This is consistent with the economic objectives of Australia’s Migration Programme, as it takes into account a level of contribution based on income tax returns.
Enabling Special Category visa holders to supply evidence from tax returns provides a concession to requirements relative to citizens of other countries, as it does not duplicate existing government requirements and is not onerous, but provides clear evidence of contribution.
This represents a clear concession over existing migration pathways. It reflects the ease of mobility under the Trans-Tasman Travel Arrangement (TTTA), while retaining a focus on skilled migration through a demonstrated contribution to Australia’s income tax system.
Exemptions to the income test
Limited exemptions to the income test requirement will be considered for particularly vulnerable New Zealand citizens. The mandatory residence criterion, including all other relevant criteria, will still need to be met before a visa could be granted.
Details of how applications for exemptions to the income test will be assessed will be determined between the Minister for Immigration and Border Protection and the Minister for Social Services.
Who will be considered a vulnerable individual
This level of detail will be determined between the Minister for Immigration and Border Protection and the Minister for Social Services. The mandatory residence criterion would still apply in these circumstances.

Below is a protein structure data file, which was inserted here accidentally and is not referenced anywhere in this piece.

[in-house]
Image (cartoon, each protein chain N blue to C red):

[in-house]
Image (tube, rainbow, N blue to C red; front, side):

- As an example, possible vulnerable individuals may include the primary carer of children who, for reasons of a court order are unable to return to New Zealand with their children, and who as an SCV holder is unable to access working age payments.
Will an applicant who has been on maternity/paternity leave during the qualifying period be ineligible if their income fell below the required threshold during that period?
If the applicant continued to be employed during that period, DIBP may take that into account and have the capacity to consider other proof of income, for example, a statement from the applicant’s employer covering the period in question.
This level of detail will be worked through by DIBP during implementation of the measure, noting that there is no intention to disadvantage applicants with a consistent record of income and employment but who have taken periods of parental leave.
Visa application charge (VAC)
There will be concessions to the visa application charge (VAC) solely for New Zealand citizens to better reflect the freedom of movement and right of abode they enjoy under the TTTA by:
- The visa application charge will be consistent with the General Skilled Migration Programme: AUD3,600 per primary applicant with an additional AUD1,800 for partners, AUD1,800 per dependent child over 18 and AUD900 per child under 18.
- Applicants will only have to pay 20 percent of the VAC when they lodge their application, with the remainder to be paid before the visa is granted.
Steps to become an Australian citizen
- New Zealanders taking advantage of this pathway will usually be able to apply for citizenship after one year of permanent residence, provided they meet the allowable overseas absences requirement.
- Note: This requirement means, a person must not have been absent from Australia for more than one year in total in the four year period, including no more than 90 days in the year before applying
- The usual citizenship eligibility requirements will apply such as:
- be of good character if 18 years of age or over
- be likely to reside, or continue to reside, or maintain a close and continuing relationship to Australia
- meet the identity requirement